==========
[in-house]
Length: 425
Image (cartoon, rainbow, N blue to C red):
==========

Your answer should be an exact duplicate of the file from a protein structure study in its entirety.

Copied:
[in-house]
Length: 425
Image (cartoon, rainbow, N blue to C red):